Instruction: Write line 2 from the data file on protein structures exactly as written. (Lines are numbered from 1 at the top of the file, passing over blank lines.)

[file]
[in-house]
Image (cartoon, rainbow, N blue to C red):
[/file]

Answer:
Image (cartoon, rainbow, N blue to C red):